Mariners rise as Ray logs season-high 10 K's

2 years ago

SEATTLE — Robbie Ray put it all together in a dominant outing, explicitly the kind that the Mariners signed him for $115 million to be their ace, and Seattle’s bats finally broke through in a big, albeit quirky, way in a 5-3 win over the Phillies on Tuesday at T-Mobile Park.

Ray racked up 10 strikeouts, a season high for any Mariners pitcher, and was perfect through the first four innings. Yet some much-needed run support — mostly via infield hits — helped him overcome a shaky fifth and position the bullpen to take the game to the finish line and even this three-game series.

Ray said after his previous outing last Thursday, “Man, I’m telling you, I’m right there,” when describing how close he felt to uncovering a timing issue that prevented him from putting everything in one single start. Tuesday represented his best yet, still with room to grow.

“I definitely felt like everything was clicking tonight,” Ray said. “The fastball was really good. The slider was as good as it’s ever been. It felt like my timing, everything, was right where it needed to be.”

The reigning American League Cy Young Award winner generated 21 whiffs, a mark only nine others have reached this season, against 58 swings for a 38% whiff rate while also showing a notable increase on his fastball velocity at 93.4 mph, up from 92.6 mph. And Ray’s slider — one of the Majors’ best when it’s on — generated 15 of those whiffs, the second most by any pitcher on a slider this year to only the Dodgers’ Clayton Kershaw.

A 31-pitch fifth inning kept Ray from going deeper than his season-high 104 tally, as he came one out shy of finishing the sixth, just the second time in seven outings he’s failed to go that deep.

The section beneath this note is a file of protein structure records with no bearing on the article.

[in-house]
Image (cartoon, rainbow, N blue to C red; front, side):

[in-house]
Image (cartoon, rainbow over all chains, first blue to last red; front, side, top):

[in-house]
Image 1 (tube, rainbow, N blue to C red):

Ray surrendered just two hits, a solo homer to Nick Castellanos that led off the fifth and a double to Bryce Harper in the sixth that ended his outing. Ray also walked two, including a costly free pass to Jean Segura, who then tagged up to second on a deep flyout and advanced to third then home on two wild pitches from Ray, also in the fifth.

“I think you’re just understanding that you’re never out of it,” Ray said of the jam. “You’re one pitch away. What’s happened has happened. You can’t change it. It’s frustrating. The wild pitches, the home run, it is what it is. Solo homers aren’t gonna beat you. I think just understanding that, and just doing your best job to get your team back in the dugout so we can hit again.”

For a team that badly needed it, Ray represented a shot in the arm. But their bats connecting for 10 hits was perhaps just as encouraging given that they entered the night with an MLB-high five shutouts. No other team has more than four.

The Mariners didn’t exactly barrel up Phillies ace Aaron Nola, who generated an MLB-high six called strikeouts. Seattle had an average exit velocity of 85.4 mph on 19 balls in play against the former All-Star — well below the 95 mph hard-hit threshold — thanks to five infield hits, and six total when including Philly’s relievers, which matched the Twins for the most in a single game this year, per Statcast.

The most notable was Adam Frazier reaching in the second after colliding with the glove of Phillies first baseman Rhys Hoskins, who clearly corralled the throw in time but dropped the ball after. Phils manager Joe Girardi didn’t challenge within the 20-second window allotted and instead argued the call, which led to his ejection.

“Most of those first basemen are big guys compared to me,” Frazier said. “So I’m just trying to run hard and see what happens.”

Luis Torrens ended Nola’s night by winning an 11-pitch battle with a single to right to push his tally to 99. Immediately after, Brad Hand entered, walked Frazier, hit Ty France with the bases loaded then surrendered a sac fly to J.P. Crawford to give the Mariners enough cushion. France’s first-inning double was the Mariners’ only hit for extra bases, but they’ll take it.

For a club playing the 15th in a 16-game stretch with no off-day, then a cross-country flight awaiting after Wednesday’s series finale and a 10-game, three-city road trip with no breaks on the horizon, Tuesday’s victory represented a big breath of fresh air.

“We had one of those games where the ball did bounce our way tonight,” Mariners manager Scott Servais said. “We didn’t hit a ton of balls hard off Nola, but we were fortunate we hit him in the right spot. We haven’t had that game in quite some time, and it’s going to even out.”